The American bishops slander the Council Fathers in promoting their own erroneous interpretation of Nostra Aetate. This is what causes misunderstanding and division in the Church. A recommendation to those bishops who want to read the few pages of Nostra Aetate: know that if you don’t read it in Latin, you’re not reading it. Many of the present translations seem to be written by those wanting to obfuscate the truth.

    Let’s love one another, meaning: let’s pray and act to lift the veil on the hearts of the perfidious Jews.

  8. Little Gal says:

    “The American bishops slander the Council Fathers in promoting their own erroneous interpretation of Nostra Aetate. This is what causes misunderstanding and division in the Church.”

    Fr Renzo di Lorenzo
    I think you may need to consider the word slander yourself.
    Here’s a Hebrew proverb for you to consider Fr Lorenzo. “Slander slays three persons: the speaker, the spoken to, and the spoken of.”

  9. Hugh Berengar says:

    I agree with the comments here. The members of the USCCB have a lot to answer for, and they truly are giving scandal to a lot of good servants of our Savior by their sinful actions.

    It would solve a lot of problems if certain members of the USCCB would simply apostacize and join the Jewish faith (which, incidentally, is no longer pleasing in the sight of almighty God).

  10. Fr. Renzo: Traditional Catholicism, which is the only kind of Catholicism there is, is never anti-Semitic, especially in charitable prayers for veils to be lifted.

    This is it in a nutshell.

  11. Dove says:

    As Fr Lorenzo says, the word “perfidious” is not in it, but we in our parish have been treated to a Good Friday Mass for the past two years in which our priest from the Institute of Christ the King has inserted it back in. We spoke to him about it since we remembered very clearly when John XXIII took it out but he said he was following the orders of his superiors.
    Let’s hope the veil will be lifted from THEIR hearts this year.

  12. Deborah says:

    Honestly, I can barely take how the \”ecumenical dialogue\” is handled these days. We don\’t need to stop praying for the conversion of non-Catholocs in order to get along and get together.

    For heavens sake, I live true ecumenism everyday by trying to convert especially through prayer everyone who is non-Catholic in my family. In my own family we have pagans, protestants of all denominations, Jewish, and I have heard even some in our family have gotten into wicca.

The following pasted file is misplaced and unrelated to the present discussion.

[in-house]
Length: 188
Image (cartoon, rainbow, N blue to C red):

They all know that I pray for them all to be Catholic, yet we all get together as a family peacefully and have fun together. When they are at my home we pray Catholic prayers before meals make the sign of the cross, etc. When we are at their homes I still pray before meals making the sign of the cross and pray quietly.

    In no way would we ever give into someone in our family insisting on us changing anything about how we practice our Catholic faith. This whole Catholic-Jewish relations thing in my opinion is entirely fake.

    Why can\’t people of different faiths simply get together peacefully even knowing that each may be praying for the other\’s conversion? This is apart of my everyday life and seems very simple to me.

  13. damien says:

    what is wrong with the word ‘perfidious’—faithless is what they were that did not believe–they had GOD right in front of them–they put him to death —they still do not believe–we need to pray for their conversion—who removed a reference to followers of ISLAM in the prayer to consecrate mankind to CHRIST THE KING—

  14. Paul says:

    I refrain from joining the fracas about ecumenicism or the Good Friday liturgy — not my department. The confusing verbiage in the article, however, simply looks like someone who doesn’t have a clue listened to Fr. McManus and then turned his statement into gibberish. Surely Fr. McManus said something along the lines of “the prayer could be read in Latin,” and and the screwball in the USCCB press office just mucked it up out of sheer ignorance.